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Thai Troops Use Force to Quell Protests


The Thai government called in thousands of additional police troops to help bring peace to the capital, where demonstrators have snarled streets for days. A court also issued arrest warrants for several protest leaders.

The deployment of an additional 30,000 troops and police came Friday as anti-government protesters besieged a satellite transmission center just outside Bangkok. They are angry because the government cut off an opposition satellite TV broadcaster.

The army is warning it may use rubber bullets, tear gas and water cannons against the protesters at the site - the first such threats in a month of protests. However, protesters made it to the facility early in the afternoon.

Thousands of red-shirted supports of the United Democratic Front against Dictatorship have rallied daily in Bangkok. They want Prime Minister Abhisit Vejjajiva to step down and call new elections.

Video clip of protesters and police clashes:

Jaran Ditthapichai, a UDD leader, says he does not believe the protests at the satellite facility will lead to bloodshed.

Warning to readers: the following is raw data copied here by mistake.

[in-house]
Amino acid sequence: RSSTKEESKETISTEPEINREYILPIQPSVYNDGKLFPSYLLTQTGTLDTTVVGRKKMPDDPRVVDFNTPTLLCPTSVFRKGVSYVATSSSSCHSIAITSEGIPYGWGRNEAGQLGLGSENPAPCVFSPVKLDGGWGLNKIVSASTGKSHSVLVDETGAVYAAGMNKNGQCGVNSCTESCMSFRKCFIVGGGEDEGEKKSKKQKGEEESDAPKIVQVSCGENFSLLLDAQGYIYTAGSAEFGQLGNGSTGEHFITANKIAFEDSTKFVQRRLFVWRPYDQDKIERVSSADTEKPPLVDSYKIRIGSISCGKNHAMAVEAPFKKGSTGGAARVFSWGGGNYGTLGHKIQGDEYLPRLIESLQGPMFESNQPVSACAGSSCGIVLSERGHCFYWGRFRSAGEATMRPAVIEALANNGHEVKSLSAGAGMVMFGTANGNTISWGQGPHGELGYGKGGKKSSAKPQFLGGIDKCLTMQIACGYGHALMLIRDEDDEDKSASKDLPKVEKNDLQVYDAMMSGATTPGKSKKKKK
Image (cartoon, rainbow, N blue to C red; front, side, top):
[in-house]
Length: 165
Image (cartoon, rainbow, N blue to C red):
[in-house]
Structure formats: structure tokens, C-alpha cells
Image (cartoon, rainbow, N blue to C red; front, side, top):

"If the red shirt people confront with the soldier in some place," he said. I believe, I believe the army will tolerate, will tolerate and not be so aggressive."

The protesters largely support Prime Minister Thaksin Shinawatra, who was ousted in a coup in 2006. He lives overseas to avoid a prison sentence on corruption charges.



Sean Boonpracong, a UDD spokesman, says the protesters have gained in confidence since the rallies began in mid-March.

"We have our chances, our chances are a lot better than when we started three weeks ago. So I think we have the initiative, I think the troops are nervous, they don't want to follow the orders, I think we can very well determine our objective today," said Boonpracong.

Government officials have repeatedly said they wish to avoid bloodshed, and are taking a step-by-step approach to ending the protests.

Among those steps, on Friday, a Bangkok court issued arrest warrants for 17 UDD leaders.

The latest rallies are the most serious crisis the 16-month-old government has faced. Mr, Abhisit successfully weathered red shirt protests a year ago. But he is facing increasing criticism from some Thais for not doing more to end the protests, which are costing millions of dollars a day in lost business and tourism.

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